To utilize this method, you simply mix the correct amount of lemon juice or ascorbic acid in the right amount of water (usually 1.5 tablespoons of ascorbic acid to 1 quart of water), and soak your fruit/vegetables for the recommended amount of time (usually about five minutes). Rinse with clean water, and then place on the dehydrator tray.
The disadvantage of using ascorbic acid is that it can also change the flavor of the food. So if this bothers you, this might not be the ideal method for you. You might want to try both the blanching technique and the ascorbic acid technique with a small quantity of food and see which one you prefer before wasting a larger amount of food using a technique that produces results that you don’t care for.
There are other methods of pre-treating food for dehydration, including syrup blanching, honey dips and dipping in fruit juice. I prefer to keep it simple, and keep my calories and sugar intake lower for health reasons. There is actually a wonderful resource available completely for free online. I reference this site for all my food preservation needs and have done so for many years now. Look here http://www.uga.edu/nchfp/ for general information on preservation methods and recipes. The following link is specifically for dehydrating, including other pre-treatment methods: http://nchfp.uga.edu/how/dry.html
When you organize your food on the dehydrator tray, make sure the individual pieces are not touching each other. Do note that the food will shrink, so if you have small food like corn, you might want to use a different tray, depending on the size of the holes in the tray. You don’t want the food to fall through the cracks to the bottom of the dehydrator. There are many options for this, and will vary depending on your dehydrator choice.
Although I claim to “forget” about my dehydrator, I really don’t. I tend to check on it every few hours, turn the trays around, flip the vegetables so I know they’re not sticking to the tray, and just overall check on the progress. While this is not necessary, it is extremely helpful to do so as your food will dry more evenly and more quickly, and will be less likely to be stuck to the tray when you go to remove it.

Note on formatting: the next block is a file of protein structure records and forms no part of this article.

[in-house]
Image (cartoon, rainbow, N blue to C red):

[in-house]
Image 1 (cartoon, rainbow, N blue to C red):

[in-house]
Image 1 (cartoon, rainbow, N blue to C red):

The times listed to dry your fruits and vegetables are only a guide. You want to inspect your food to check for complete dryness. Vegetables will be brittle, but fruits will be more like leather. Your goal is to remove the moisture to as low as possible. If your veggies are breaking in your fingers, they are done. And if your fruit is leather like, it is most likely done as well.
If your dehydrator has a timer, then you can just leave your food in there until you are ready to deal with it. But if you are using a solar dehydrator, or other type that doesn’t turn off the heat, then you will want to remove your food as soon as it is dry to prevent over drying.
Once your food has been in the dehydrator for the right amount of time, it is time to store it away right? Well, not so fast. You want to check your fruit for proper dehydration, and to do that, you can do what is called conditioning.
Place your dried fruit in a glass jar, seal tightly, and wait about ten days. Some sources recommend you shake the jar daily to separate the fruit. If you see any condensation in the jar, then the fruit is not yet properly dried, and needs to be re-dried. If there is no condensation, it is ready for long term storage.